Again thank you, being mentioned by Boeing is really an honour.

Hans Jakobsson
Aviation Technical Consultant
Project Historian

Jumbo Hostel
Stockholm-Arlanda Airport, Sweden

Mike (United States):

Great Blog! the 747 in Delta's colors looks so nice, and in a few days, the 40 year anniversary of the first 747 flight will take place.

The 747 has done more to bring the whole world together and expand people's horizons more than any leader throughout history ever did.

While the 777 is an amazing airplane and the A380 is larger, the 747 will always be special in many people's hearts as it is most likely the most loved aircraft in aviation history.

J.D. Drollinger (Renton):

The 747 in Delta colors is bittersweet for me. I was a flight attendant for Northwest Orient back in the mid 80's and at the time I had flown on all the 747's NWA had, so to see Northwest go away and now in the Delta colors, I will no longer be able to look up at an NWA 747 and say I flew on that plane. But I am excited to see Delta expanding its aircraft family.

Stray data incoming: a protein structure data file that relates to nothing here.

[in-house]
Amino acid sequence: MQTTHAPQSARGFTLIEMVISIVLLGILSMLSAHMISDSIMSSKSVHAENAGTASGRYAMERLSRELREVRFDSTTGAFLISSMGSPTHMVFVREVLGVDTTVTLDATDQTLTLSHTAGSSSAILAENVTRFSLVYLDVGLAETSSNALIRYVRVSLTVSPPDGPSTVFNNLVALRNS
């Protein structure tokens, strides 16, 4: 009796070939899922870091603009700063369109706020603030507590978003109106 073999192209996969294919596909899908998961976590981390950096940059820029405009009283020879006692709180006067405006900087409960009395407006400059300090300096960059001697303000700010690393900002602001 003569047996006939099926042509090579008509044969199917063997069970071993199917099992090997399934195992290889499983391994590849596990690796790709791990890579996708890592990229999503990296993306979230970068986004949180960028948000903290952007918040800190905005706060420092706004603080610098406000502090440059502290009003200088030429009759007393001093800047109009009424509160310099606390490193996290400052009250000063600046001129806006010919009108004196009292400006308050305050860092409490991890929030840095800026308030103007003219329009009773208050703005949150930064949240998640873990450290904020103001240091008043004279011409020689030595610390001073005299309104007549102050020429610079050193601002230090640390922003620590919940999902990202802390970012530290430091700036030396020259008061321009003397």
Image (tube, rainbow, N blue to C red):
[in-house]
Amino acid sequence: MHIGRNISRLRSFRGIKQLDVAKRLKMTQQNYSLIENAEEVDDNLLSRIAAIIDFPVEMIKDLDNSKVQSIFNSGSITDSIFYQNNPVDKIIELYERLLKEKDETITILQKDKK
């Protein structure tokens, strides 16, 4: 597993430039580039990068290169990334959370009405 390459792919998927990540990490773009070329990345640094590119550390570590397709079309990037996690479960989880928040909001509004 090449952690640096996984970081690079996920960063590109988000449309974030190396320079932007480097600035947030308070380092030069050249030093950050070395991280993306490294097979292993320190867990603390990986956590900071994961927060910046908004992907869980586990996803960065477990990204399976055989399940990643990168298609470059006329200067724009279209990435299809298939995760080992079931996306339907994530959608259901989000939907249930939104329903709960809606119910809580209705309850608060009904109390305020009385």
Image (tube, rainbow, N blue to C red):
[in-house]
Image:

TC (Mt. Vernon, WA):

The Douglas stretch of the DC-8 proved to be the most valued version, still flying after 40 years. If history repeats, Boeing is now building the best platform of the 747, the new super-8.

Brent Joshua Wilcke:

I remember the first time I saw a BigBo up close. It was right before the filming of 'terminal velocity',..starring Charlie Sheen.

I was working the End of Runway crew for the 358th Lobos night training,..A-10 pilot training program.
I saw the BigBo come in on a tailwind,..which was unorthodox for the DM runway,...thing damn near skipped off into the tumbleweeds. No one seem'd privy to the aircraft's arrival,..so I took the initiative to make a visual with the pilot,...just to see if there was that admirable trust,..I'd grown to appreciate when dealing with the best in the business.